Brookhaven Heights residents are asking city and county officials to buy a residential property and turn it into a community park – an idea backed by the current owners as well. Officials are considering the idea, but a hefty $1.62 million price tag could be a major obstacle.

Karen Cariello, president of the Brookhaven Heights Community Association representing 430 homeowners, said several members have talked with Mayor John Ernst and City Council members about purchasing the property at 1174 Pine Grove Ave. at the corner of Matthews Street.

A Google Earth image shows the property at 1174 Pine Grove Ave. in Brookhaven Heights.

The property, which includes four lots, was recently put on the market. The 1,500-square-foot house at the address was built in 1930 and sits on nearly 1 acre of flat land, the last sizable lot in the neighborhood.

Clint Fields, listing agent for the property, said it includes four lots and is priced at $405,000 per lot, totalling $1.62 million. Another lot in Brookhaven Heights has sold for $400,000, Fields said.

He said the property has been in the Langford family since 1930 and the current owners, two brothers, would like to see it sold to the city and preserved as a park and memorial to their uncle, Bob Langford, who was killed while fighting in the Vietnam war.
Fields said his father grew up with Bob Langford and the Langford family in the 1950s and ’60s, when they all attended Cross Keys High School.

“This is the largest remaining privately owned [property] in Brookhaven, to my knowledge,” Fields said. “We would like to leave it as a legacy to Bob if we can.”

Six offers have so far been made on the property, but Fields said the owners are hoping the city finds a way to purchase the property.

City Councilmember Bates Mattison, who represents Brookhaven Heights, said he is not able to discuss the property because real estate is discussed by the council in closed executive sessions.

Mattison said he recently met at the property with DeKalb County Commissioner Jeff Rader, whose District 2 represents part of Brookhaven, and discussed the county helping to purchase it.

“I’m encouraged and optimistic, but nothing is definitive,” he said.

Rader said there is about $1 million remaining in county parks bond money from 2001 for all of District 2. Besides Brookhaven, District 2 includes the city of Decatur, much of Chamblee and part of Atlanta and areas of unincorporated DeKalb County.

The county looks for strong community support such as a park “friends” group before showing interest in earmarking money, Rader said. The county also wants matching funding, and in this case that money would come from the city of Brookhaven, he said. “We’re never the 100% player,” he said.

Rader added he was surprised the city’s $40 million parks bond, approved by voters in 2018 to make capital improvements at six city parks, did not set aside funding to purchase additional green space.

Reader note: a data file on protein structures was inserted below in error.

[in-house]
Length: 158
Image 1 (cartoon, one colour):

Government purchases of property are constrained by a price determined by a third-party appraiser to ensure tax dollars are spent wisely, Rader added. That restriction can deter property owners from talking to municipalities if they believe they can get more money from a private buyer.

“Even if this is a great idea and this is what everybody wants … these transactions are [restricted],” Rader said.

The Brookhaven Heights neighborhood was built in the early 1900s as a place to get away from the hustle and bustle of Atlanta city life, Cariello said.

“The nice thing about this neighborhood is it’s just tucked in here, it’s centrally located, and you can get almost anywhere in 15 minutes. That’s part of what keeps people here for many years,” Cariello said.

But the one thing they say is missing is a neighborhood park.

“This is not really a kid-friendly neighborhood,” said Bill Roberts, a Brookhaven Heights resident for 20 years.

Some residents use orange cones to block off a section of their street to make it safe for children to play. Cut-through traffic regularly clogs the neighborhood’s narrow streets, they say, making it difficult for families to take a simple walk around the neighborhood.

When the community wants to hold its annual Halloween party or any other events, Cariello said, they are forced to gather on streets.

“We kind of just knock on neighbors’ doors in a cul-de-sac and ask if we can use their street for a couple hours,” she said. “We really have no place to gather.”

The commitment from Brookhaven Heights residents is firm, Cariello said. Shortly after the Pine Grove Avenue property went on the market in June, 23 neighbors pledged nearly $17,000 to show city and county officials their desire for a neighborhood park.

A homeowner who lives across the street from 1174 Pine Grove Ave. is spearheading the formation of a Brookhaven Heights park group with the help of Park Pride, a nonprofit organization that works with communities to advocate for and improve parks. The new nonprofit will be in charge of fundraising.

“It’s time for us to get a park we really need,” Cariello said.

Added Roberts, “It’s kind of a now-or-never moment to do this.”

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